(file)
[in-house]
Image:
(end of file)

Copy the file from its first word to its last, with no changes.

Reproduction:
[in-house]
Image: